SAN FRANCISCO - Wednesday marks 10 years since Giants fan Bryan Stow was viciously beaten into a coma at Dodger Stadium. Many people didn’t think he'd survive but he did with a greater calling. KTVU caught up with Stow and has the latest on his recovery.
"Every single day I wake up I thank God I’m alive," said Bryan Stow.
Ten years ago, Stow was clinging on to life and to think today, the 52-year-old can walk, talk and function on his own is remarkable.
"A miracle?" said Stow’s mother Ann. "Definitely I call Bryan my miracle boy."
"I can get out of bed. I can eat really well in case you haven't noticed (smiles)," said Stow.
One can’t help but smile at Stow’s sense of humor and his upbeat personality, given all he’s been through.
It was opening day of the 2011 season at Dodger Stadium, the father of two, wearing a Buster Posey jersey, was attacked in the stadium parking lot.
The story gripped the baseball world and the Bay Area. Stow was in a medically induced coma for months. How could a fan watching a game be beaten to near death?
"That’s the first thing I said was why?" said Stow.
His attackers were sentenced to years in prison and the Dodgers were also found negligent in a civil lawsuit.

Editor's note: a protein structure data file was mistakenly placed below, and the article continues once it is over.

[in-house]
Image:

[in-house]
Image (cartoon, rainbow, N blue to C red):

"We talk about our athletic heroes but Bryan is really a community hero," said San Francisco Giants CEO Larry Baer.
Baer was in the stadium that night and visited Stow in the hospital. Since the attack, Major League Baseball imposed new security measures including better lighting in parking lots.
"The reason people responded is because it could have been anybody, it could have been one of us," said Baer.
Support from the Giants and complete strangers has helped Stow immensely through the years. His parents are his full-time caretakers. They are most proud of his resilience.
"I don't think I’ve ever seen Bryan mad or upset about his situation," said Ann Stow.
The former Santa Clara County resident is now saving lives a different way.
"I think I have a different calling," said Stow. "I’m spreading God’s word about anti-bullying and anti-fan violence."
He can’t do school presentations during the pandemic but he hopes to in the near future. He also hopes the Giants win another World Series.
"Nothing is impossible," said Baer. "Bryan has showed nothing is impossible so bring it on World Series 2021 with Bryan Stow. I guarantee you he will have a role throwing out one of the first pitches."
That day, March 31, 2011, a decade ago altered Stow’s life forever. His scars are visible and physical therapy is needed, but his fighting spirit is fully intact and the strength to deal with what curve balls life throws his way.
"Thank you for believing in me, thank you for all you’ve done for me," said Stow. "You just have to make every day as good as possible."
Azenith Smith is a reporter for KTVU. Email Azenith at firstname.lastname@example.org and follow her on Twitter and Instagram @AzenithKTVU or Facebook or ktvu.com.